The Federal Home Loan Banks are 11 U.S. government-sponsored banks that provide reliable liquidity to member financial institutions to support housing finance and community investment. With their members, the FHLBanks represents the largest collective source of home mortgage and community credit in the United States.
Deposit insurance is a measure implemented in many countries to protect bank depositors, in full or in part, from losses caused by a bank's inability to pay its debts when due. Deposit insurance systems are one component of a financial system safety net that promotes financial stability.
The Banking Act of 1933 was a statute enacted by the United States Congress that established the Federal Deposit Insurance Corporation (FDIC) and imposed various other banking reforms. The entire law is often referred to as the Glass–Steagall Act, after its Congressional sponsors, Senator Carter Glass (D) of Virginia, and Representative Henry B. Steagall (D) of Alabama. The term Glass–Steagall Act, however, is most often used to refer to four provisions of the Banking Act of 1933 that limited commercial bank securities activities and affiliations between commercial banks and securities firms. That limited meaning of the term is described in the article on Glass–Steagall Legislation.
The Financial Institutions Reform, Recovery, and Enforcement Act of 1989 (FIRREA), is a United States federal law enacted in the wake of the savings and loan crisis of the 1980s.
The Federal Deposit Insurance Reform Act of 2005, was an act of the United States Congress on banking regulation. It contained a number of changes to the Federal Deposit Insurance Corporation (FDIC).
All regulated financial institutions in the United States are required to file periodic financial and other information with their respective regulators and other parties. For banks in the U.S., one of the key reports required to be filed is the quarterly Consolidated Report of Condition and Income, generally referred to as the call report or RC report. Specifically, every National Bank, State Member Bank and insured Nonmember Bank is required by the Federal Financial Institutions Examination Council (FFIEC) to file a call report as of the close of business on the last day of each calendar quarter, i.e. the report date. The specific reporting requirements depend upon the size of the bank and whether or not it has any foreign offices. Call reports are due no later than 30 days after the end of each calendar quarter. Revisions may be made without prejudice up to 30 days after the initial filing period. Form FFIEC 031 is used for banks with both domestic (U.S.) and foreign (non-U.S.) offices; Form FFIEC 041 is for banks with domestic (U.S.) offices only.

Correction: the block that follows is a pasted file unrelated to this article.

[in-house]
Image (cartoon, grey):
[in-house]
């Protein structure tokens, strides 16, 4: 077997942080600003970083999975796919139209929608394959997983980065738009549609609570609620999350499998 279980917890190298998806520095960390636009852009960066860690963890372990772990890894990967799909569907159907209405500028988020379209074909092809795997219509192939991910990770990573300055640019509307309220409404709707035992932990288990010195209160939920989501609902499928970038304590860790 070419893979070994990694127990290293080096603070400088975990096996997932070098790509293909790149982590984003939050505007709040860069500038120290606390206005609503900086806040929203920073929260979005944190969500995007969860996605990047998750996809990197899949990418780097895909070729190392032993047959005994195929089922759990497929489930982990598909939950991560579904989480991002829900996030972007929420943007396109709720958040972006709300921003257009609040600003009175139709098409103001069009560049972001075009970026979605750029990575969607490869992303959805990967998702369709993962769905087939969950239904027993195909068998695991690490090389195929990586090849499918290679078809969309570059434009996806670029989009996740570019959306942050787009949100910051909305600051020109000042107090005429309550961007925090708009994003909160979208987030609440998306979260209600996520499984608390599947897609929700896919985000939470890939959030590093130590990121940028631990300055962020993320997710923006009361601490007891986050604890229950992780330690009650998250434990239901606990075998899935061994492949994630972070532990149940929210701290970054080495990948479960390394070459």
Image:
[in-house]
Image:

Bank regulation in the United States is highly fragmented compared with other G10 countries, where most countries have only one bank regulator. In the U.S., banking is regulated at both the federal and state level. Depending on the type of charter a banking organization has and on its organizational structure, it may be subject to numerous federal and state banking regulations. Apart from the bank regulatory agencies the U.S. maintains separate securities, commodities, and insurance regulatory agencies at the federal and state level, unlike Japan and the United Kingdom. Bank examiners are generally employed to supervise banks and to ensure compliance with regulations.
The New York State Banking Department was created by the New York Legislature on April 15, 1851, with a chief officer to be known as the Superintendent. The New York State Banking Department was the oldest bank regulatory agency in the United States.
The Temporary Liquidity Guarantee Program (TLGP) is a program adopted by the Federal Deposit Insurance Corporation (FDIC) on October 13, 2008 during the global financial crisis of 2008 to encourage liquidity in the interbank lending market.
Enterprise Bank is a Florida financial institution headquartered in the North Palm Beach, Florida. The bank has three branches in Palm Beach County.
Donna Tanoue served as the 17th chairperson of the U.S. Federal Deposit Insurance Corporation (FDIC) from May 26, 1998, until July 11, 2001. Subsequently, in April 2002, she became Vice chairperson and Managing Committee member of the Bank of Hawaii.
Aurora Bank is a federal savings bank (FSB) headquartered in Wilmington, Delaware. It is a mid-size bank that offers full-scale banking services. Aurora Bank was founded on January 1, 1921, in Wilmington, Delaware, under the name of Delaware Savings And Loan Association. On January 2, 1958, deposits made to the bank were first insured by the Federal Deposit Insurance Corporation (FDIC). In 1988, the bank was renamed to Delaware Savings Bank, FSB. On April 1, 2009, the bank changed its name to Aurora Bank, FSB. Aurora Bank was a subsidiary of Lehman Brothers Bancorp. In June 2012, Aurora Bank exited most of the financial services business, with accounts transferred to other companies.
This article details the history of banking in the United States. Banking in the United States is regulated by both the federal and state governments.
A bridge bank is an institution created by a national regulator or central bank to operate a failed bank until a buyer can be found for its operations.